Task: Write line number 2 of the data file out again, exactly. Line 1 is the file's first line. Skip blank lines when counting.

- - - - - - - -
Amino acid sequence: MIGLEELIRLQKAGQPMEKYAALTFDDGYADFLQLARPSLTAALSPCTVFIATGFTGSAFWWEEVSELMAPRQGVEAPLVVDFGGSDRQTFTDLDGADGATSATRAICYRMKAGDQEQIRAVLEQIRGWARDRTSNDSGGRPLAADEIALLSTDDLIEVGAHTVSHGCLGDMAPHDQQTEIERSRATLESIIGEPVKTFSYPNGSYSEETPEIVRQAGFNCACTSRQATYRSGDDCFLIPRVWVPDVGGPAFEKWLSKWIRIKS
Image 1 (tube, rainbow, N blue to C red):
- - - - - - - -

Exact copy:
Image 1 (tube, rainbow, N blue to C red):